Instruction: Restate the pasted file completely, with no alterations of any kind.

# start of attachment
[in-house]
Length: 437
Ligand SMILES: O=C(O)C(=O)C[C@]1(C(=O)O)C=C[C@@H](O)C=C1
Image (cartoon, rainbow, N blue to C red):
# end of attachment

[in-house]
Length: 437
Ligand SMILES: O=C(O)C(=O)C[C@]1(C(=O)O)C=C[C@@H](O)C=C1
Image (cartoon, rainbow, N blue to C red):